British Prime Minister David Cameron plans to support the United States to defeat ISIS. He also made the following statement:
The murder of David Haines is an act of pure evil. My heart goes out to his family who has shown extraordinary courage and fortitude. ... We will do everything in our power to hunt down these murderers and ensure they face justice, no matter how long it takes.
American Sentenced To Six Years Hard Labor In North Korea
North Korea sentenced a 24-year-old American, Matthew Miller of Bakersfield, California to six years of hard labor for "entering the country illegally to commit espionage." This fiasco began when Miller ripped up his tourist visa upon arrival at the Pyongyang airport in April. Miller falsely told authorities that he had secret information about the U.S. military in South Korea on his iPod and iPad. While there have been reports that Miller tried to claim asylum, the AP, who was allowed to attend the trial, says that information is wrong. During the trial, Miller waived the right to an attorney. He also said he had "wild ambition" to experience prison life in North Korea, so he could investigate the human rights situation of that country. Miller will not be allowed to appeal the decision and has solicited President Obama for help.
Hobby Lobby Decision Comes Into Play In Child Labor Suit
A judge ruled that a member of the FLDS (Fundamentalist Church of Jesus Chris of Latter-Day Saints) is exempt from testifying in a child labor investigation, citing the Supreme Court’s Hobby Lobby decision in the ruling. The FLDS are not your regular Mormons. They are an offshoot and their leader Warren Jeffs is in jail for the rest of his life for a laundry list of sex crimes, including pedophilia and incest.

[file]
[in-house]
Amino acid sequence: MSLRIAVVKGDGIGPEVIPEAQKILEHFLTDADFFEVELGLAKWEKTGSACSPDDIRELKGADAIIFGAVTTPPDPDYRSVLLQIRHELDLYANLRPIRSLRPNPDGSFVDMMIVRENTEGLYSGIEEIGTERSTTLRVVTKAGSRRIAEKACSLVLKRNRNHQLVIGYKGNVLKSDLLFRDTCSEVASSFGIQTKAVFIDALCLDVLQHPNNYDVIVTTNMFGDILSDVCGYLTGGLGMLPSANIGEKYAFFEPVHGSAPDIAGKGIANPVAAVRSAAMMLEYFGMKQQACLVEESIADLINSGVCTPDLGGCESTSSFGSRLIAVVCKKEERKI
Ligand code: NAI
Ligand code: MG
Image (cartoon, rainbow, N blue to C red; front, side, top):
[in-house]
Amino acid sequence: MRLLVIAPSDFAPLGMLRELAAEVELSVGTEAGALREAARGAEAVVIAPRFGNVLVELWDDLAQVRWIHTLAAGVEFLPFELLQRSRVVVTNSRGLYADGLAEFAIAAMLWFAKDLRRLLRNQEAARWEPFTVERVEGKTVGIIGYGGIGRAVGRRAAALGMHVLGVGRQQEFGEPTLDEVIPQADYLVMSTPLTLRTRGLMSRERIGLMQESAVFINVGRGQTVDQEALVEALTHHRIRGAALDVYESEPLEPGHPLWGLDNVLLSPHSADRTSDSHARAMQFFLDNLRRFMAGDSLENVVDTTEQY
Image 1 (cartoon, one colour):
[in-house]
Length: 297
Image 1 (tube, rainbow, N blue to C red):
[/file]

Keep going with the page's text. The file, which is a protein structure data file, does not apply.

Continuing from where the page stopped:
Now, if you don’t remember the big Hobby Lobby ruling from earlier this year, I’ll refresh your memory -- the Supreme Court ruled that a corporation can be exempt from the Affordable Act’s Requirement for employers to pay for contraception, if the owners object to contraception on religious grounds.
So back to the current case -- there is an investigation of a pecan ranch in Utah owned by the FLDS, in which adults and children allegedly worked without pay. The court asked FLDS member Vergel Steed to reveal the identity of church leaders and information about its organizational structure. Steed cited the Hobby Lobby case saying that having to testify would be a “substantial burden” on his free exercise of religious beliefs. This decision could majorly impact court rulings in future cases.
• The City of Brotherly Love may become the city of Brotherly Weed on October 20th when marijuana becomes decriminalized. If cops find less than 30 grams of weed on a person, it’s a $25 fine, similar to a jaywalking ticket, but smoking in public will cost $100 or require 9 hours of community service.
• United Airlines recently retired a large amount of their fleet and is now overstaffed with flight attendants. So, while 2,100 will be fired, they will also receive a huge severance package of $100,000. The Association of Flight Attendants, which represents flight called this decision “unprecedented in the industry.”
• Last Sunday, Pope Francis married 20 couples, whom had been living together, had been previously married or had children with each other, all of which are normally not permitted in the Catholic church.